"The visually captivating website for the firm Venturi, Scott Brown Associates was awarded the Gold Medal in this year's Architecture Web Site Awards program. With 116 websites entered by architecture firms and students from countries around the world, the jury had an arduous task reviewing all of the sites. In the end, the sites that rose to the top were the most absorbing and best organized, with features that encouraged the viewer to probe deeper into the site.

Venturi, Scott Brown Associates' redesigned website ( was produced by Picture-Projects, a New York City-based design studio using new media technologies."


The East Building: Celebrating 25 Years

National Gallery of Art

"This special installation explores the history of the East Building and its unique site from 1967 until the building's opening in 1978. Highlights include copies of the architect's drawings, photographs, and other archival materials, many never seen before. A three-dimensional model of the West and East Buildings provides additional insight concerning the building's design and relationship to the surrounding city."


Press Release October 6 2003

"A special installation at the National Gallery of Art marks the 25th anniversary of its acclaimed East Building, designed by renowned architect I. M. Pei and voted one of the top ten buildings in the United States by the College of Fellows of the American Institute of Architects."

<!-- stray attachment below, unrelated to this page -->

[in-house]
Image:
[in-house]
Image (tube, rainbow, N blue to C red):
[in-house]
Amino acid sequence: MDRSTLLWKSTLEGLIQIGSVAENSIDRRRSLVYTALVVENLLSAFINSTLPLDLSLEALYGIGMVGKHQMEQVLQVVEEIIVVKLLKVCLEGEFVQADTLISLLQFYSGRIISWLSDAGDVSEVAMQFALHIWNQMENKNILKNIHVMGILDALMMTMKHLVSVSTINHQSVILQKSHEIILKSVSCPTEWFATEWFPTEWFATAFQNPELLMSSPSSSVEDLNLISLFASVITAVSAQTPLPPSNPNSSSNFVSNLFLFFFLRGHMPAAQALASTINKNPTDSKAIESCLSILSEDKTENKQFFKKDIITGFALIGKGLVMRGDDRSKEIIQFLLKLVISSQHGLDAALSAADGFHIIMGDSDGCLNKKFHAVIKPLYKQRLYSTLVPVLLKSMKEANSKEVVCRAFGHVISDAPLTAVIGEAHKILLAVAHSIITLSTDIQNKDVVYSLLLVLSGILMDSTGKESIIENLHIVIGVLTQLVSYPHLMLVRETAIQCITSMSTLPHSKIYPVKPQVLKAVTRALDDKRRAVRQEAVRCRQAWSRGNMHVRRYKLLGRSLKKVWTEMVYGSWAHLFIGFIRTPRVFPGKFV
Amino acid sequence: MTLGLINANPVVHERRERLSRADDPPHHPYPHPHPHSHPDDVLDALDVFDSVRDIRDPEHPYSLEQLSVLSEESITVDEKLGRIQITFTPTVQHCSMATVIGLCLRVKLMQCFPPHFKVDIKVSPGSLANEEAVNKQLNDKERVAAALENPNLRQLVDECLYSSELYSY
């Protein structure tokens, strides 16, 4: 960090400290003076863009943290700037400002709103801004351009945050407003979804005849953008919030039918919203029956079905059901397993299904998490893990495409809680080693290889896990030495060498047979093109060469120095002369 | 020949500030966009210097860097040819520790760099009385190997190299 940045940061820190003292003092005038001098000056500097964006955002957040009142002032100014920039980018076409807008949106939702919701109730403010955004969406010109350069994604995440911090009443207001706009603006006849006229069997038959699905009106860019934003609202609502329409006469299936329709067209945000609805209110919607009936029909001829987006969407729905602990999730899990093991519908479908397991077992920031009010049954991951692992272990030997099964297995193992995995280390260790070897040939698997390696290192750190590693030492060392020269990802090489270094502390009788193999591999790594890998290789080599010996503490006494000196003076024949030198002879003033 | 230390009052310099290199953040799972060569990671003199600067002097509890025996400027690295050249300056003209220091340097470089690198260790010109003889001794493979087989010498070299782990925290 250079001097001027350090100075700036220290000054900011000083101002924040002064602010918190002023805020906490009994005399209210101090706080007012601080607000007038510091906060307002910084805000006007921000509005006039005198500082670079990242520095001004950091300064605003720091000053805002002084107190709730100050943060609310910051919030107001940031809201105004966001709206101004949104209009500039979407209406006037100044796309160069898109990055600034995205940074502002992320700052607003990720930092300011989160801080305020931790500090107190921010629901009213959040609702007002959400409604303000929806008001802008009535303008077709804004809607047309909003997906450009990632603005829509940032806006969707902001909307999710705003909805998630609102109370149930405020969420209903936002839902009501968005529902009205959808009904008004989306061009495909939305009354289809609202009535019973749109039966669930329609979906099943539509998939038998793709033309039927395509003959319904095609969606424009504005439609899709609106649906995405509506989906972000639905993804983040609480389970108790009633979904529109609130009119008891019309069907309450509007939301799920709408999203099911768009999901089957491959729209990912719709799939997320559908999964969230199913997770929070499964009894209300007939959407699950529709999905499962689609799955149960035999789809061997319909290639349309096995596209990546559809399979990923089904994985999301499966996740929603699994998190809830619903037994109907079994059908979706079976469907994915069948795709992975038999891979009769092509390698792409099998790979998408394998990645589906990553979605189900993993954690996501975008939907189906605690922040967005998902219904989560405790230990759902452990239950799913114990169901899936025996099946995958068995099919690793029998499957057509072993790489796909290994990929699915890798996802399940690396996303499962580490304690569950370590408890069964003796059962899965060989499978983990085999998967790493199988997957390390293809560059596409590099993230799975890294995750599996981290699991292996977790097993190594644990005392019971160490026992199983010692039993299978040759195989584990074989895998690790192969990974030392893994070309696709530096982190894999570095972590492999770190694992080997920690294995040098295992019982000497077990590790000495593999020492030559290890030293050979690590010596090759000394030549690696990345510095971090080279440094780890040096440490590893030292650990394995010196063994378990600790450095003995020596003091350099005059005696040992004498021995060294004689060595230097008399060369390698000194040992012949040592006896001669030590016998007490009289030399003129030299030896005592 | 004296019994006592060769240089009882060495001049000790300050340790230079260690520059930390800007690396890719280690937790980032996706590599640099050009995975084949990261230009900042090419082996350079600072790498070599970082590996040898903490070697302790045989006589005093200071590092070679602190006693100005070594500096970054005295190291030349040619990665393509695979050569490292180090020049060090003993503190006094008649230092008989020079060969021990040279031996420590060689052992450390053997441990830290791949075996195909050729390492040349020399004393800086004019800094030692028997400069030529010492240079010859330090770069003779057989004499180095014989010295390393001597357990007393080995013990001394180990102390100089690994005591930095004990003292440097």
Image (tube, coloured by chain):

Early Pei sketch of NGA East Building


Late Pei sketch of NGA East Building

Students design Cambodian museum

Batallion Texas A&M University October 9 2003

"Because of the College of Architecture's reputation for "architecture for health" projects, Fitoussi invited A&M students to join the effort by developing proposals for the new museum's design. Junior architecture major Kim Le said the project took on a greater meaning than a typical assignment. "All of us took it so personal that we put in 110 percent," Le said. "It's real; it's for a good cause."

Lindsay Gavos, a junior architecture major, said she used a peace sign as the inspiration for her design. "It's a very emotional project," she said. "I realized this building would be more than a structure. I wanted it to have a subtle symbolic meaning."

Senior Lecturer in the College of Architecture Julie Rogers said students' ideas for the project were well-thought out. "I've never seen a project that has developed to this extent," she said. "I think it's because the students are so dedicated to the cause."